Mavrič’s work is characterised by elements of fantasy painting and Expressionism, however, in terms of the conveyed messages and directness of expression, it is completely autonomous and topical. Much like in his other works, the choice of technique is a very important part of this project: the charcoal drawing technique in balloons; the most eye-catching one is a figure with a quasi-cardinal headwear and a wide skirt. The architecture drawn with great precision also features a multitude of original fantasy-hybrid architectural elements interlaced in a stalagmite-way, such as small towers (architectural hybrids between phallically protruding stalagmites and Sumerian terraced temples with cone-shaped top elements, often combined with an organic columnar envelopment); sharp-edged obelisks or towers reminiscent of church belfries or minarets; simple (vertically divided) geometric architecture; living chambers (hoods) in the form of upper parts of car bodies and cars half-buried (sunken) in the ground; the remains of an unknown civilisation in the form of viaducts, concrete motorway fencing, S-bends and power lines; cloudy water or floral surfaces (likely destroyed by radiation); flying and hovering meteorites, cosmic light, clouds, dramatic events in the sky. In the Long Black Summer cycle, Mavrič perfectly pairs his drawing expression with a monumental compositional frame, as well as with the large picture format chosen especially for him; this might be a distant “relative” of medieval winged Gothic altarpieces, which as part of sacral art and Christian iconography directly or indirectly depict apocalyptic scenes (for example: Isenheim Altarpiece by Matthias Grünevald, “The Temptation of St Anthony” scene. In the second Ivan Grohar Gallery room, Erik Mavrič exhibits four works from the ongoing Lost Days cycle. In these works, he uses allegories to relate to the Slovenian peasant revolts (the revolt headed by Matija Gubac), however, he uses more contemporary images in lieu of old ones. In the Long Black Summer cycle, he sets the mood by using dark hues, ranging between black and white, and in the more recent cycle, the background is slightly lightened (yellowed). The more recent works from the Lost Days cycle (which actually starts with the eponymous depiction in the Long Black Summer cycle) mostly depict scenes in the middle of desolate urban or natural landscapes, littered with industrial items (discarded car tyres) and abandoned buildings, which represent the collapse, decline of civilisation and transience (vanitas). The difference between the two cycles is noticeable in the depiction of the landscape. In the older cycle, the depicted landscape is distinctly fantastic (gigantic vegetation, surrealistic architecture), while in the last cycle, the artist pairs it with events from history (in a formally reduced way), changing allows him to fully convey the gloom as convincingly as possible, and thus also the mysteriousness of the subjects, which consist of veristically depicted media fragments and figural rudiments; the latter do not stem from the artist’s subconscious and dreams, but from an existential necessity for commentary, consisting of critical concerns about the situation on a global level (wars, climate change, migration, etc.) and from philosophical speculations about the future of our civilisation. Mavrič’s “allegories of impending disasters” are not coloured by melancholy, but by grotesque humour, which is a sort of common thread that connects the selected works from both cycles. This connects him with a multitude of creators (in the fields of painting, literature and religious eschatological writings) from the treasury of European and Middle Eastern cultural history, who described the state of the world before and after the prophesied apocalypses (Hieronymus Bosch, Albrecht Dürer, Pieter Bruegel the Elder, John Martin, Geoffrey Chaucer, Boccaccio, canonical and apocryphal (non-canonical) texts by various theologians from Palestine and ancient Judea, etc.).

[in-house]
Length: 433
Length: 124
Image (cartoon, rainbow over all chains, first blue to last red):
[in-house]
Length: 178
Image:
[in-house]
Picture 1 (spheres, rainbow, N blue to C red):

In the first Ivan Grohar Gallery room, Erik Mavrič presents four pictures from the Long Black Summer cycle. These are topographically indefinable apocalyptic depictions of eerie futuristic scenes, in which the artist uses bizarre figural compositional entanglements and fusions to expose the humans’ new attitude to time and space. By showing absurd situations and enigmatic gags, he turns the picture into a “dystopian screen”. He moves away from the familiar landscape, masterfully transforming it – with the aim of gaining a deeper understanding of the causes of the absurdity to which man has led himself – into a vision of the future world filled with the material remains of civilization. The painting space is an important content conveyor and is equivalent to the human, semi-human and android heroes who appear in Mavrič’s stories. The artist does not say much about them, leaving the interpretation to the viewer. It is unclear if they want to leave the devastated areas or not. Some of them are seemingly torpid, busy doing various enigmatic chores, while others are rushing up high ladders and strange, poppy-like flowers towards the sky (which might represent salvation). It seems that many of them are being transformed into new beings, different ones, who are possibly no longer human. Most of them are somewhere in the distance, without visible faces. The most unusual are the beings that travel through the sky only the spatial frame reserved for the story.